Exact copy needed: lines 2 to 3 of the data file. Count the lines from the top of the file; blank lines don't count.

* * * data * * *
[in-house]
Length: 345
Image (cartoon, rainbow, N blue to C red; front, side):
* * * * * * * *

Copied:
Length: 345
Image (cartoon, rainbow, N blue to C red; front, side):